Vera’s Center on Victimization and Safety partnered with the Ms. Foundation for Women in 2012 to examine the prevalence of this abuse and existing responses and to recommend next steps for a national strategy to respond to this epidemic. This issues brief summarizes the study, its findings, and its recommendations.
A Brown Paper from the National Compadres Network (NCN) discusses moving beyond trauma-informed services toward a practice of culturally-informed healing. This approach takes into account elements of culture and experience that can help to promote healing after a traumatic experience. The report specifically focuses on Latino men and boys and the social factors that influence and detract from their healing.
This report summarizes ten major misconceptions about wartime sexual violence, highlighting both advances and gaps in our knowledge. Drawing on social science research, it outlines for policymakers the current state of knowledge about wartime sexual violence, details gaps in existing knowledge, and explores the implications of these findings for policymaking.
This special report describes the national prevalence of intimate partner violence, sexual violence and stalking victimization based on respondents’ sexual orientation. Respondents who self-identified as lesbian, gay or bisexual at the time of the survey and described violence experienced with both same-sex and opposite-sex partners based on the 2010 data from the National Intimate Partner and Sexual Violence Survey (NISVS).
The NSVRC also provides an information packet on Sexual Violence & Individuals Who Identify as LGBTQ. The packet includes general information on the nature of sexual violence against LGBTQ people and understanding effective prevention and response strategies.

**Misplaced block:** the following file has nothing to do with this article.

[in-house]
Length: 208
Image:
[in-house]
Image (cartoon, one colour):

The resource proposes strategies communities can consider to promote the types of relationships and environments that help children grow up to be healthy and productive citizens so that they, in turn, can build stronger and safer families and communities for their children. It is directed toward anyone committed to the positive development of children and families, and specifically to the prevention of all forms of child abuse and neglect.
This report, developed by 1 in 6 and Peace Over Violence, is based on community research with traditionally excluded or marginalized groups. Groups involved in the report included deaf survivors, female gang-affiliated survivors, male survivors, parents and their child survivors, and research experts in child sexual abuse. The report includes recommendations for working with underserved groups.
This report presents the findings of the Attorney General’s National Task Force on Children Exposed to Violence. It addresses children's exposure to many different forms of violence, including sexual abuse, in a variety of settings and the resulting psychological trauma.
This is the final report from the NSVRC’s three year National Prevention Strengths and Needs Assessment Project, and provides a summary of the work completed during the third year of the assessment as well as a synthesis of major themes across the three year project. The major activities of the Year 3 assessment were the completion of a national survey comparison of findings to the Year 1 survey. You can find the 2 previous reports here:
This document provides information on the laws and guidelines on forensic compliance and payment for sexual assault medical forensic exams in individual states or territories. Access the full report, or the summary to learn more.
This site is supported by Grant/ Cooperative Agreement No. 1UF2CE002359-02 from the Centers for Disease Control and Prevention. Its contents are solely the responsibility of the authors and do not necessarily represent the official views of the Centers for Disease Control and Prevention.